Friday, December 18, 2009

ReUsing Relationship Maps

Man, ok, time to change gears, if only for my sanity. As fun as it has been to delve into Dragon Age, that's some thinky stuff, and my brain is starting to smoke a bit, so let me shift gears a bit. As a warning, there are some very light spoilers for the 4th and 5th season of Supernatural below - probably not enough to be a real problem, but you've been warned.

By now, a lot of people have learned about the advantages of using relationship maps (r-maps) as a useful tool for keeping track of characters and groups in a game, and as a source of inspiration. For example:

It's benefits are, hopefully, pretty obvious. Organizing the information visually makes it easy for me to ask all the right questions when I want to do something in the setting, like "Who will it impact? What effects will that have? If I do something bad HERE what happens THERE? If I add a new element over here, what should I connect it to and how?" Certainly, I could track all this information in lists or notes, but the visual component makes it much easier for me to grasp the interactions between elements.

This is all well and good, but it's not actually what was on my mind. See, I'm a big fan of the television show Supernatural. It's got monster hunting and rock and roll and all that, but it's also got some really potent relationships between the characters. This took an interesting turn in recent seasons where it turned out that the larger conflict of the story was pretty much a mirror of the personal conflicts between the characters.

It's a little heavy-handed (but appropriate to the series) as it's done, but the idea is a pretty potent one, and one use of relationship maps is that they make it very easy to do - all you need to do is scrub the names and keep the relationships. So I can take the previous R-Map and tweak it to represent the various conspiracies at work in the world.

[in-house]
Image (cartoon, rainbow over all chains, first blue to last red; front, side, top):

(Doctor/Patient needed to be tweaked, but it wasn't hard to come up with an equivalent)

Obviously, this is a pretty simple example, but the point is that it's one more thing that relationship maps can be useful for.


  1. Maps! Games in general need more maps. We've come to accept the classics: overland and dungeon maps, maps of places. But where RPGs can get maximum bang is by mapping the psyche, mapping (as you've detailed here)relationships, mapping conspiracies...

    Once we get to that point where we're mapping everything (!) we can build games with emergence without a fundamental increase in mathematical complexity (at least to the "customer"-facing end).

    Using your map for instance, we can attach mechanics and/or mini-games to the changing of these relationships or simply exploit those relationships in game mechanics.

    If we were using Fate, these relationships would be Aspects I'd figure, that could be tagged/called/altered in accordance with it's rules.

    The power in maps is that visual and spatial immediacy. I think that the "games of the future" will start using maps in this way sooner rather than later.

    You know, with the length of these comments I make, you'd think that I didn't actually have my own blog :)

  2. When my groups first did r-maps we called them the Web of Satan because it was drafted by the Malkavian to show the rest of us sane vampires the "truth." Still, they've been of great use, even as recently as last night.

    I tend to use them rarely, but always swear I'll do more every time. Ever thought to make each player keep one for other players? Could/would you assign anything to them in a game like 4e?

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  4. This post and Gamefiend's comment prompted me to think fondly of Fiasco.


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